To pinpoint this notion of levelling I shall compare it with two others, both of which, besides being distinguishable from it, are relevant in our Kierkegaardian context.

One kind of levelling, also abstract, is that of the Stoics in their strategic withdrawal from the vicissitudes of the world. But it is strategic and thus not abstract in the sense of Kierkegaard’s levelling. The aim of the Stoics was to cultivate a kind of self-immunization from what they considered to be irrational responses that embraced all forms of guilt and regret. Their aim was the edifying one of impassivity in the face of the ups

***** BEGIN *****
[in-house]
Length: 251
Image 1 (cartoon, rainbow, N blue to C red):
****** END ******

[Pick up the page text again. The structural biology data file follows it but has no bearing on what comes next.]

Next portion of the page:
and downs of direct personal engagement. You could indeed call the result of this form of levelling a kind of apathy, but unlike the apathy Kierkegaard mentions in the above quotation, the cultivated ‘apathy’ of the Stoic is not an indolence, such as Kierkegaard says people in his time are prone to. Apathy with the Stoics is due to strenuous efforts of self-cultivation on the part of individual levellers.